Good Nights at Hostels

January 8, 2013

hostel dorm

I don’t know how many different kinds of budget accommodation I’ve seen in my travels. Jjimjilbang in South Korea, where one can enjoy a hot soak and set out floor mats when it’s time to crash. Capsule hotels in Japan. Practically any hotel in Thailand. Couchsurfing. Each country and culture offers their own method for backpackers (and occasionally those down on their luck) to find places to sleep.

One universal ideas has been hostels. Before 2004, it had never occurred to me to stay any place besides a hotel if I was away from home. As far as I was concerned, hostels were for European backpackers, and somewhat sketchy. Nevertheless, I tried one in Anchorage while waiting for my morning shuttle to the Kenai Peninsula. Nothing remarkable. In fact, it wasn’t your typical hostel, as I had a private room and didn’t see too many others around… maybe they could have stopped me from nearly slicing my face off that morning with a dull razor… ahhh, memories.

Anyway, I first learned of just how widespread Hosteling International was during my stay in Japan, when I did a weekend trip cycling from Kagoshima to the southernmost point on the main islands, Cape Sata. Imagine my surprise when searching for places to stay in the middle of nowhere to find an official youth hostel, and next door to a hot spring no less. Since that time, I’ve made it a practice to at least visit hostels in countries I’m exploring.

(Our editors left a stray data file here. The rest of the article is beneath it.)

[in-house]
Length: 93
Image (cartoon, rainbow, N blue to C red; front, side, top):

My nomination for the best, most friendly, most activities oriented, and cleanest is definitely Boston’s new downtown location. The place is completely new, the kitchen is modern and designed for dozens of guests, there are games, free computers… but most importantly (in my opinion), each dorm is designed to put the traveler at ease: TWO individual outlets at the base of each bed (no cords going across the room); individual lights not bright enough to annoy other guests; and lockers (quietly opening) within reach of one’s bunk. Love it.

In San Francisco, I typically stay at the downtown hostel during my transition periods between landing and finding temporary housing. I don’t know anything about the one in the city center or on Fisherman’s Wharf, but based purely on their locations, I wouldn’t want to stay in the middle of the Tenderloin or surrounded by heaps of tourists, respectively.

By and large, I don’t have any hostel horror stories. I haven’t had anything stolen while I slept. I HAVE been woken up at 3 AM by drunk idiots at XBase Auckland, but at least they didn’t kick me or try to pull me out of my bunk. On the plus side, I did bribe the staff with triple chocolate chip cookies to give me a private room after they had had a stressful morning.

In SF downtown, the staff are friendly, there are good places to relax, and everything is reasonably quiet and orderly… depending on the guests. There is only one electrical outlet for each 4-6 person dorm, something they might want to address before rioting begins, and the lockers are metallic and noisy for opening in the wee hours, but other than that, it’s a nice place to stay.